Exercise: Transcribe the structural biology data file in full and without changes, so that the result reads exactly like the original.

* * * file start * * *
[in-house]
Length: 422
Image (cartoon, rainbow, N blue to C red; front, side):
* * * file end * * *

[in-house]
Length: 422
Image (cartoon, rainbow, N blue to C red; front, side):